Communication

This begins with the education phase and continues to build a foundation of trust.  Once the financial representation and the operations groups understand what the other does, it becomes easier to support the others’ efforts.  The key to effective financial communications is to remain consistent with operational or business partner requirements, and to be cognizant of the execution of new requirements and their execution. Make no mistake – the execution of these objectives can be difficult at times; this means the month-end close process must run the same way each month, and the systems of the budget process are changed as little as possible each year.  The information required to develop a business case is the same, regardless of the project.  In the event any strategic change does occurs,  any corresponding  changes in financial requirements need to be carefully considered and communicated so as to not to compound further disruption to the organization. Once consistency is achieved, the analyst and the group he or she supports can get to real work, the work of optimizing the business and reaching the ultimate goals of the company:  profitability, social goals, etc. This is the trusted advisor stage.

The trusted advisor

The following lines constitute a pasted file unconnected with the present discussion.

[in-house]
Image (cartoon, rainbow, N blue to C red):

This is the ultimate goal of the financial representative, and where the fun begins.  As an analyst, I remember my colleagues consistently stating that the most boring part of their job was the “regular” work.  My experience is, once you have a system in place for achieving positive results in a routine activity such as the month-end close, that task often becomes mundane. For a corporate finance person, the interesting work is that which includes participation leading to realizing corporate goals.  Ways in which the financial analyst can participate in this process include performing lease vs. buy analyses for new equipment and software purchases, finding savings within a project, conduct audits to make sure the company is ‘getting what it pays for’ from each of the many vendors and service providers, and also establishing metrics and key performance indictors (KPIs) to put dollar figures on operational measurements and use this information to make key business decisions, etc.  Serving as a trusted advisor to the operations management team can be exceptionally rewarding; it allows an analyst to be creative and to develop solutions that help to both ensure a successful project and contribute to the company reaching its goals.